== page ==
Tuesday, 26 July 2016

What's in a name?!

A recent question on a Facebook thread asking "Why are Black-headed Gulls are called Black-headed Gulls if they've got dark brown heads?" got me thinking....

The names attributed to birds are often fairly straight forward, for example Pied Wagtail. It's black and white (i.e. pied) and if often can be seen with its tail bobbing up and down (i.e. wagging). 

Others are named after their call (e.g. Chiffchaff or Curlew), behaviour (e.g. Turnstone or Treecreeper), preferred nesting locations (e.g. Sand Martin or House Sparrow) or the region in which they're found, such as Mediterranean Gull...but this species is no longer restricted to the Mediterranean regions, it can now be found as far north-west as Donegal. 

Also, when you consider the scientific name of this species Larus melanocephalus - this translates to "black-headed gull", which is fair enough as it does have a black-head but then there is Chroicocephalus ridibundus or Black-headed Gull...which has a brown head.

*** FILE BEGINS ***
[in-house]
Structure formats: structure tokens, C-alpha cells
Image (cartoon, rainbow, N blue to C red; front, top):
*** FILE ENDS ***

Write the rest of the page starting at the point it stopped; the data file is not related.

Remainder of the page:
A Mediterranean Gull in winter....without a black head!

The scientific name Chroicocephalus comes from the Greek meaning "colour-headed" and ridibundus from the Latin "ridere" to "laugh" so it should be called the Colour-headed Laughing Gull....but isn't there already a species called Laughing Gull? Yes!

Laughing Gulls are found in the Americas and the scientific name Leucophaeus atricilla is from the Greek "leukos" meaning "white" (as in the the term leucistic) and the Latin "ater" meaning "black" and "cilla" meaning "tail". However, Laughing Gulls do not have a black tail.

So hope it's all clear now after reading this...Mediterranean Gulls are actually black-headed gulls. Black-headed Gulls are actually colour-headed laughing gulls and Laughing Gulls are actually black-tailed gulls...even though they have a white tail.

Confusing, right?!

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